In still another aspect, the invention provides a method of identifying a receptor that mediates an anti-inflammatory activity that includes, providing a small interfering RNA (siRNA) against a nucleic acid that encodes a candidate receptor, expressing the siRNA in a cell that expresses the candidate receptor, subjecting the cell to a condition that induces pro-inflammatory response, and detecting whether expressing the siRNA in the cell increases the pro-inflammatory response relative to a cell subjected to the condition but not expressing the siRNA. In one example embodiment, the pro-inflammatory response is increased production of a cytokine that mediates the pro-inflammatory response. In a more particular embodiment, the cytokine is IL-12.
While multiple embodiments are disclosed, still other embodiments of the present invention will become apparent to those skilled in the art from the following detailed description, which shows and describes illustrative embodiments of the invention. As will be realized, the invention is capable of modifications in various obvious aspects, all without departing from the spirit and scope of the present invention. Accordingly, the drawings and detailed description are to be regarded as illustrative in nature and not restrictive.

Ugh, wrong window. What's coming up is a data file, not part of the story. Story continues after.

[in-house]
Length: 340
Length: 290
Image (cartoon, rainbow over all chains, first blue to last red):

In the detailed description that follows, citation is made to various references that may aid one of skill in the art to understand or practice the invention in its fullest scope. Each such reference is incorporated herein by reference, to the extent the teaching of those references do not conflict with the teachings provided herein.
Clinical assessment of dietary supplementation with omega-3 polyunsaturated fatty acids (w-3 PUFA) indicate their beneficial impact in certain human diseases particularly those in which inflammation is suspected as a key component in pathogenesis (1-3). Their molecular bases of action in reducing disease and local inflammation is important and of interest given the heightened awareness that inflammation and resolution is a major mechanisms in many diseases including cardiovascular disease, arthritis, Alzheimer's disease, asthma and periodontitis (4,5). w-3 PUFAs are widely held to act via several possible mechanisms, such as preventing conversion of arachidonate to proinflammatory eicosanoids, or serving as an alternative substrate producing less potent products (1). Of interest, fish leukocytes rich in w-3 generate mediators from eicosapentaenoic acid (EPA) that play signaling roles (6). However, the pathophysiological role of leukotriene and prostanoid-like compounds from EPA remains uncertain in humans as many of these molecules' role(s) are unknown.